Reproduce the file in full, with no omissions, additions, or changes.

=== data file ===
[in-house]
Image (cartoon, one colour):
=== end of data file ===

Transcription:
[in-house]
Image (cartoon, one colour):